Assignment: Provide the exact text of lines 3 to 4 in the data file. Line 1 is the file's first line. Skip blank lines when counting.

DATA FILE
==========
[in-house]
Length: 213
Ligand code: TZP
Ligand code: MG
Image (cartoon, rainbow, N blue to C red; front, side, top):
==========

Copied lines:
Ligand code: TZP
Ligand code: MG